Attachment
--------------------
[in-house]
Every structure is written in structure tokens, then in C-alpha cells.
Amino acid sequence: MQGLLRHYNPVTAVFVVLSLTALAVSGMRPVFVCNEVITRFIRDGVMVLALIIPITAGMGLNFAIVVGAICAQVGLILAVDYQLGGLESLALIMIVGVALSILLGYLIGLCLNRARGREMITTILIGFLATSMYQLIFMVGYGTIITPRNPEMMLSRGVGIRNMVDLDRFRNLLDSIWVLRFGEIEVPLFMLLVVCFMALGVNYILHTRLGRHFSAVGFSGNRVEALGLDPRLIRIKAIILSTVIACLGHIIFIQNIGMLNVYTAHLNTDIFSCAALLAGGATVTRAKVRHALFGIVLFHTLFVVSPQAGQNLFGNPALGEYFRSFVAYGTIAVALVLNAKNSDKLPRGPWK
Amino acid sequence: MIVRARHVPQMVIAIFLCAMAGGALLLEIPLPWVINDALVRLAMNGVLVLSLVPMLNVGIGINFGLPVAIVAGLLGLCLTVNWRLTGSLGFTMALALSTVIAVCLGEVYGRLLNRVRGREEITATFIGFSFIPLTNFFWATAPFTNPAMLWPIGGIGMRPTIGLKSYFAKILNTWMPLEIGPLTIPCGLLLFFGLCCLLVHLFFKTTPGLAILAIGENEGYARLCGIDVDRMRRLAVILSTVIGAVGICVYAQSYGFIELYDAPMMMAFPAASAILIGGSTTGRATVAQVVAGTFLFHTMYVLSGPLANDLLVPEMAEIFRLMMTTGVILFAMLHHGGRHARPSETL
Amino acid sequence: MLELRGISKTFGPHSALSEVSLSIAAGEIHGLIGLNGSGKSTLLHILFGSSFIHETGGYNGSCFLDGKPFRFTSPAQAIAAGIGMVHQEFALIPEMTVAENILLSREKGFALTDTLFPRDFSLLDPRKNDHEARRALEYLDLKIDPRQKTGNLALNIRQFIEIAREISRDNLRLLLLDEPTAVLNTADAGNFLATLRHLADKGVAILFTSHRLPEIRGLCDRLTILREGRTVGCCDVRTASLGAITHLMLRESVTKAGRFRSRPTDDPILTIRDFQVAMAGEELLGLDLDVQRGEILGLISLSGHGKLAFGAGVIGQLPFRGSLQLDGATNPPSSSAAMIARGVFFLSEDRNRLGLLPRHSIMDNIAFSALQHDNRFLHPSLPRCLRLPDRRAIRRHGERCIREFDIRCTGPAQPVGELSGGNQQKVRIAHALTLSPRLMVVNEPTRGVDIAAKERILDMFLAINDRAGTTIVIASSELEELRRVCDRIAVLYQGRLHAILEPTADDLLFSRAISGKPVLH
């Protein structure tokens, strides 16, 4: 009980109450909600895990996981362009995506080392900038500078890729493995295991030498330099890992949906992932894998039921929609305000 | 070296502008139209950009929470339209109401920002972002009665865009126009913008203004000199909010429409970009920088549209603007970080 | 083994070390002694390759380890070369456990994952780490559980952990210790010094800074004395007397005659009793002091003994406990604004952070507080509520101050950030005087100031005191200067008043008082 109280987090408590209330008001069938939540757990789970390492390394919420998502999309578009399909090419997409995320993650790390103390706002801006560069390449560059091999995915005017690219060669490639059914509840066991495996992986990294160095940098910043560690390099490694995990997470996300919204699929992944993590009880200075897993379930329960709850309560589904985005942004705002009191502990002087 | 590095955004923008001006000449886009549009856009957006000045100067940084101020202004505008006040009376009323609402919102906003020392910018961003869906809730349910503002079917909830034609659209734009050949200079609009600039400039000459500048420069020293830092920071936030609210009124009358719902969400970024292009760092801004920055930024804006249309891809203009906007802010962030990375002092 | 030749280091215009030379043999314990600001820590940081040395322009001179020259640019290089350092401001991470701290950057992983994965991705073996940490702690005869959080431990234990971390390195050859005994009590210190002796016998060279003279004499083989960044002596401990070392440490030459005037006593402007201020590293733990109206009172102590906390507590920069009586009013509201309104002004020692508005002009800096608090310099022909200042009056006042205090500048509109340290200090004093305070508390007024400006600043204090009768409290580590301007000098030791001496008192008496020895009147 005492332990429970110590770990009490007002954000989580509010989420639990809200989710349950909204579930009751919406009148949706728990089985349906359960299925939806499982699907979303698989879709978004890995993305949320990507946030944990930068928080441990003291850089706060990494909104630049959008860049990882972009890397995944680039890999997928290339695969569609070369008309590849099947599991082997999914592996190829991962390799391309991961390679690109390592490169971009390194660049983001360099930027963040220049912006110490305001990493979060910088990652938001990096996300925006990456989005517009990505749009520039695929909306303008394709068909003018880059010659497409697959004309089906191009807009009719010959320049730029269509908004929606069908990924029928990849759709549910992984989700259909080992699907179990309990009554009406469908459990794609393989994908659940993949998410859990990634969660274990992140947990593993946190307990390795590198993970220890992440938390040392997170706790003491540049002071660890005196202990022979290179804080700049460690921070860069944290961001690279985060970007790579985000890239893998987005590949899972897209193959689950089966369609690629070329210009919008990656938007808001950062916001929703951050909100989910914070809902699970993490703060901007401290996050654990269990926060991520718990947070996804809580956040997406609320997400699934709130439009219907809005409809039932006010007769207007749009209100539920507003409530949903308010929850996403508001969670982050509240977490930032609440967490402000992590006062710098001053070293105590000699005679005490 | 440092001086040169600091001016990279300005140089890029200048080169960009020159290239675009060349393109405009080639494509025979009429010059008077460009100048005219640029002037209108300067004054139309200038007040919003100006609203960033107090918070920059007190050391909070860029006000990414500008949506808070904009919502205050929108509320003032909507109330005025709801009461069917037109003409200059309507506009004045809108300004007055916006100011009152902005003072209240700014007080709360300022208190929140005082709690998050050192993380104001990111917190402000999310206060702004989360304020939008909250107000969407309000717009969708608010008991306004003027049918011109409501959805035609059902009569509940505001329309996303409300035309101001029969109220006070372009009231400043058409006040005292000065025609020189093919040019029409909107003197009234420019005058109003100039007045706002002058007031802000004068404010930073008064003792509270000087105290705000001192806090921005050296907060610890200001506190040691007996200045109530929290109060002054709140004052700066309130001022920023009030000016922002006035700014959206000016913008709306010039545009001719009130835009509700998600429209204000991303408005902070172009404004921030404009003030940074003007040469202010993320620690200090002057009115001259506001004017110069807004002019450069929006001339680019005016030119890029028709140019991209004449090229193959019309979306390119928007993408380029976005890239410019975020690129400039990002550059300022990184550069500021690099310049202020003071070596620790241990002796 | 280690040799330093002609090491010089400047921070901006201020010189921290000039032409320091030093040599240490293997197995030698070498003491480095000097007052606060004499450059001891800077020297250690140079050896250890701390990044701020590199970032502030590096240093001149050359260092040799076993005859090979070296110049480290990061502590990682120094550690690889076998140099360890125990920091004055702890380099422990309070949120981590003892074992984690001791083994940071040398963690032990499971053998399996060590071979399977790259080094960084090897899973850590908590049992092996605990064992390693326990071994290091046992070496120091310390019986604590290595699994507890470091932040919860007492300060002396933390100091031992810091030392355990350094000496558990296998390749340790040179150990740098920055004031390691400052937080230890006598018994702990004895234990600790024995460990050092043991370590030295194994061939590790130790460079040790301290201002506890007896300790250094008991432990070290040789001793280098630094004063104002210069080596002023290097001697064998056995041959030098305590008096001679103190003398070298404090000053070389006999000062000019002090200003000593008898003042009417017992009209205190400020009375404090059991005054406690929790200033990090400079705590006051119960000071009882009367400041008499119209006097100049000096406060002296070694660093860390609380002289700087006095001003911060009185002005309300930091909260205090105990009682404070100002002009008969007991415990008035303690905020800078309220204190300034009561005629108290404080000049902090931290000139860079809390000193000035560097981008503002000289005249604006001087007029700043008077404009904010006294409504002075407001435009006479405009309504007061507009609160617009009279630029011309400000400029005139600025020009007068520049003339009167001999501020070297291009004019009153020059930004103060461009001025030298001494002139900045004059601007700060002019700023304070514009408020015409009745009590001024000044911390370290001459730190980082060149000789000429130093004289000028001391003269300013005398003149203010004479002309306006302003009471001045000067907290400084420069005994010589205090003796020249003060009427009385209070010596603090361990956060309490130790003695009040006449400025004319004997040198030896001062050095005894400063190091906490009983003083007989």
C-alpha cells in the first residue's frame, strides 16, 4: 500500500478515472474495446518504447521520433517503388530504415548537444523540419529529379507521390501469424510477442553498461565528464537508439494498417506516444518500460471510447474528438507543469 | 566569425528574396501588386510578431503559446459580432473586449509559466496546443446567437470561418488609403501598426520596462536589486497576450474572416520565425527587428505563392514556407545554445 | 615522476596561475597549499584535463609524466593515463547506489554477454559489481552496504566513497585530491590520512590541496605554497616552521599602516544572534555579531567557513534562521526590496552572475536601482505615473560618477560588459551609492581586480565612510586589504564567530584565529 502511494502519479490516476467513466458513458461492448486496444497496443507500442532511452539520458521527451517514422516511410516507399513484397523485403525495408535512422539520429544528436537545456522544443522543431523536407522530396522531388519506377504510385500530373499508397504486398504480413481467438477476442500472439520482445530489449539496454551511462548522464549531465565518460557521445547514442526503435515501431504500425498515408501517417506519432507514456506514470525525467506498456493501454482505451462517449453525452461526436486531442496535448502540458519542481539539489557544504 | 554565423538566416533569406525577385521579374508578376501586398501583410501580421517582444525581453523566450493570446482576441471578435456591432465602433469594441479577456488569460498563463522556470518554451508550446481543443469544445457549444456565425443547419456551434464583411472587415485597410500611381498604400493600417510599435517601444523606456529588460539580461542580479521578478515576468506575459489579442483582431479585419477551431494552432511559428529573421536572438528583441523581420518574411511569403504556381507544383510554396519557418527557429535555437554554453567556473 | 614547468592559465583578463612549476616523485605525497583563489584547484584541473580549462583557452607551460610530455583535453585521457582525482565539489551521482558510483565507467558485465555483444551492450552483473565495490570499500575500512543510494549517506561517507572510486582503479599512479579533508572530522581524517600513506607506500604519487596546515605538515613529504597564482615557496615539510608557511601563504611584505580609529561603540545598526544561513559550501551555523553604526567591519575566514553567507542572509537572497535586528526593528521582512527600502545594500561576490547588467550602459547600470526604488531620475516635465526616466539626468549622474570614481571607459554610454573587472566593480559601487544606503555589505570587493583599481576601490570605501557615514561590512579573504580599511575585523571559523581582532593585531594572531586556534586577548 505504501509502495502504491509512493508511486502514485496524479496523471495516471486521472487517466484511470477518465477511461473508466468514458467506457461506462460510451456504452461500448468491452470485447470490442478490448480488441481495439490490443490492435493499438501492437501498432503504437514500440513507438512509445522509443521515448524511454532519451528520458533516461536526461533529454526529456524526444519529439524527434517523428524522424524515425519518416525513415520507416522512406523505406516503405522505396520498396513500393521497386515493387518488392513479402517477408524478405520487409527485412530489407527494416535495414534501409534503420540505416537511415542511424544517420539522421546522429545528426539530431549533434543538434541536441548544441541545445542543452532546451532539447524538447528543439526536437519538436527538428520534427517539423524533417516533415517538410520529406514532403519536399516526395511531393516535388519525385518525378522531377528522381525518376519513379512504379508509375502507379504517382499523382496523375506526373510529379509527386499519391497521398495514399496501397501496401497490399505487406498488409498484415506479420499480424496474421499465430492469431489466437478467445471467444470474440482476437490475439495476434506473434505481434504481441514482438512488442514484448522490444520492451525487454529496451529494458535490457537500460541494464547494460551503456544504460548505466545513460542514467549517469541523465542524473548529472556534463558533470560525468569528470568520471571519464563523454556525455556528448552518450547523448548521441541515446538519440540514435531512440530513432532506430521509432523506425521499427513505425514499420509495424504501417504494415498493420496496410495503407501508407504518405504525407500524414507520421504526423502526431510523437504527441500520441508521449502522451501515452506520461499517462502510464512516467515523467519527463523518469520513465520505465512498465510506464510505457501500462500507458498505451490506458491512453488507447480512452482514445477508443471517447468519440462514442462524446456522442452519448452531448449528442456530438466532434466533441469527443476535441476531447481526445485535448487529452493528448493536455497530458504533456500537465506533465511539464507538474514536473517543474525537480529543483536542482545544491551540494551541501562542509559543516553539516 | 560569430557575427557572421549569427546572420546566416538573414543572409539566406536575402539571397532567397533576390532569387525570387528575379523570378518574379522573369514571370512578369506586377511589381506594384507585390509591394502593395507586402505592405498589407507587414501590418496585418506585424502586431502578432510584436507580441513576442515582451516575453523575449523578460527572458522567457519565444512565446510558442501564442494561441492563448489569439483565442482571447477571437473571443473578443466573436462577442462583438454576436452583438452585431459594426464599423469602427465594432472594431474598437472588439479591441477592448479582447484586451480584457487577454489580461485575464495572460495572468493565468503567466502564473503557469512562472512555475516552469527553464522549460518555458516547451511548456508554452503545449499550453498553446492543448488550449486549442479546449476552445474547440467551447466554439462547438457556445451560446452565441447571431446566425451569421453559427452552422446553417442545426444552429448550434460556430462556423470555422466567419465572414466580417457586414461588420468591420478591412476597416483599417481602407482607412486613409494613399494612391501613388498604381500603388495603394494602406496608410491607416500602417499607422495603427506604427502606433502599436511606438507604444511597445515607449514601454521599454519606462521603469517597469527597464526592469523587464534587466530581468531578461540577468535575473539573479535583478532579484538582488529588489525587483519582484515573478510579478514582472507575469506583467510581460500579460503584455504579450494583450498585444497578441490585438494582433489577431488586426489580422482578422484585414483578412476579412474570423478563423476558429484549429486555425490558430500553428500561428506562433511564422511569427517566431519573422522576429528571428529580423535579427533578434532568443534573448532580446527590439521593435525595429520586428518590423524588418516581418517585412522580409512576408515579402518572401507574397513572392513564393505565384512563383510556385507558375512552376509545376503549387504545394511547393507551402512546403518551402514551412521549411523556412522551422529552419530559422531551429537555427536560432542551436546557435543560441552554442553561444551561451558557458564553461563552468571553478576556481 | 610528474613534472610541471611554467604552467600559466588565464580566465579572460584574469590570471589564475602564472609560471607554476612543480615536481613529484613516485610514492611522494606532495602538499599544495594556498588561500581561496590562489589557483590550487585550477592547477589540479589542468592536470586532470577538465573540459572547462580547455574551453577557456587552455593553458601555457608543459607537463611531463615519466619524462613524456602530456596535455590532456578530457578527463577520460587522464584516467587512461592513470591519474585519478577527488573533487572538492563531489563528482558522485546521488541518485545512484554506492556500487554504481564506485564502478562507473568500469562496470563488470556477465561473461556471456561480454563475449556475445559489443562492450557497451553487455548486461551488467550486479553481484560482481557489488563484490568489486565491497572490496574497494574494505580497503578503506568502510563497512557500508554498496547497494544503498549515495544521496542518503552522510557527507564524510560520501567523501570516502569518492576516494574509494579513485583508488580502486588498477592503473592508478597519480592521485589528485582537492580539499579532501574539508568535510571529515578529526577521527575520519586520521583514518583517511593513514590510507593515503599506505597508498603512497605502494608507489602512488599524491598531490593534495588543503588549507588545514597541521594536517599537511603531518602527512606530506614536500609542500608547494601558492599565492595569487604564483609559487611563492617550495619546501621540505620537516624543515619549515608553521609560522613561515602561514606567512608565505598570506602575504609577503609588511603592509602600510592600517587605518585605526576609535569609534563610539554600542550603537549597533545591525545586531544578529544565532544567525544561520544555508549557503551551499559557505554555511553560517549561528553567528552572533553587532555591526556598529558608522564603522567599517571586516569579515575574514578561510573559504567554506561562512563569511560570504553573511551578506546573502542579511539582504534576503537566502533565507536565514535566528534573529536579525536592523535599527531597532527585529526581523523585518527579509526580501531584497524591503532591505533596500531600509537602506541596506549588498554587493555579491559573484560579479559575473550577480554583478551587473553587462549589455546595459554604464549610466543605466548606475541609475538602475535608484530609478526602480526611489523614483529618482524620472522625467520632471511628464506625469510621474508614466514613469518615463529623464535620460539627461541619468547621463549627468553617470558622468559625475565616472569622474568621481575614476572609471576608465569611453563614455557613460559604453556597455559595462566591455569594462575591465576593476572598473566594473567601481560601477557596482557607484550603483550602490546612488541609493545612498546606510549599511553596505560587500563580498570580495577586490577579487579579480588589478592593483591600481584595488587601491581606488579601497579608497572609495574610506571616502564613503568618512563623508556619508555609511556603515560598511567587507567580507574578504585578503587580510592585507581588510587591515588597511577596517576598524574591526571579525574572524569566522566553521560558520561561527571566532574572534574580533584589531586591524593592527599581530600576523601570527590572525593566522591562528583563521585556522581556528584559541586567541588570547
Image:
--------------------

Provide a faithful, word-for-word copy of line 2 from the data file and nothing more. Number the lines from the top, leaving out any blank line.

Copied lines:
Every structure is written in structure tokens, then in C-alpha cells.